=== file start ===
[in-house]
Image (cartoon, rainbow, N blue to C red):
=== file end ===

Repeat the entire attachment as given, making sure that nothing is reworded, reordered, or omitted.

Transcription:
[in-house]
Image (cartoon, rainbow, N blue to C red):